Just so that no one can complain that I am urging everyone else to be creative without proposing ideas myself, here are a few possibilities to get you started in your own community. Again, forgive the USA focus, but I really have no business suggesting projects for other countries. On the other hand, if you like an idea, “translate” it!
For me, the most important thing about IYV2001 is the chance to change people’s image of volunteering--to show the scope, the impact, the facts about us. Any of the ideas below (and others) will make the greatest impression if the SAME activity occurs throughout a region, state, (country!) etc. throughout the course of the year.
1. Take the UNV “photo quilt” idea and make it local. Collect as many photos of volunteers at work as you can and mount a mural/collage in some central place (the more visible, the better). Emphasize diversity of “faces” and tasks--with special consideration for volunteer activities that confront stereotypes or are “unexpected.” In small, rural communities, set a goal of showing EVERY citizen doing some volunteer work and see if you can erect a roadside “billboard” introducing your active community to visitors.
2. Pick a day and several wide-open-space sites around your state and hire a plane and a photographer. At designated times, try to round up as many volunteers at the closest site as possible, look up, and be photographed or videoed! Post these images to a Web site, get someone to print them up as a calendar, etc., etc. (This idea was actually suggested during a conversation with UNV.)
Now think about this. If every state in the union liked this idea well enough to participate, it could have a Hands-Across-America spirit to it, but each state would pick one week to be in the limelight, allowing for continuous coverage throughout 2001. The 51st and 52nd weeks could be given to the District of Columbia, Puerto Rico, and the various territories.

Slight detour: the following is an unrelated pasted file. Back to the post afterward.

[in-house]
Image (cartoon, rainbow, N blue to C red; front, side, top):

3. In January 1999, Energize ran a pilot test of an idea for UNV, which we called the “I’m a Volunteer, Too!” project. More than a year later, it has not been continued (though it still might be), but the concept can be applied by anyone. Here’s the concept:
When people attend professional conferences, they naturally register “under” the name of the organization they represent for the conference--usually their paying job. So that information is placed on their name tags. But just about everybody also does some sort of volunteer work--which is generally a hidden identity, particularly when they are in the context of their paid work. So this project “surfaces” people’s volunteer roles in order to:
- eliminate the false dichotomy of “us” and “them” when it comes to talking about volunteers; we’re all volunteers at some point in our lives;
- demonstrate the diversity of people who do volunteer work--men, women, all ages, all races, all nationalities, etc.;
- highlight the incredible range of activities that people identify as “volunteering”;
- make people aware of IVY2001 and that it means them, too;
- begin an ongoing tally of volunteer roles that, by the end of 2001, will accumulate into an incredibly long list of real people with real faces and self-identified volunteer activities (sort of a global “chain” of volunteers winding from one conference to the next, from one location to the next, etc.).
The “I’m a Volunteer, Too!” process is quite simple:
a. Pick any conference you like and ask to participate in the exhibit area. This can be repeated at as many conferences in town as possible--a great project for a DOVIA, for example.
b. Create a table-top exhibit proclaiming the theme and with any sorts of handouts you wish. Come with a roll of pre-printed, self-adhesive stickers that can be placed on a conference name badge or ribbon (the prototype is already available!) The sticker has the IYV logo and the words: “I am a volunteer, too!” There is an open space for marking in the person’s volunteer activity.
c. Recruit a team of volunteers to “work” the conference. In order to obtain a sticker, a conferee must officially “declare” his or her volunteer activity to a team member and allow it be recorded on a master log/record for the conference.
d. Once the person has been recorded, s/he receives the sticker, clearly inserting the volunteer activity named in the blank space, and then “sticking” the label onto the person’s conference name tag. (So the effect is: Hi, my name and official representation are on this badge, but “I’m a volunteer, too” and here’s that identity to share with you.)
e. The team captures the information and keeps a record of volunteer activities. Reporting can be done at the end of the conference or even in daily “batches” with an ending grand total. The exciting part is that, as more and more conferences get “labelled,” more interest is generated in the concept.
Here are still other ideas:
4. Run a contest for the most unusual volunteer assignment in town and publicize the heck out of all entries!
5. Sponsor a “Telling Our Story Day” and send delegates to municipal, county, state and national legislators, explaining: the scope of volunteering; the obstacles of costly and time-consuming background checks; the wish for more tax deductions, whatever.
Then do the same thing with FUNDERS, especially Community Foundations, stressing that we need volunteers and money.
OK, your turn......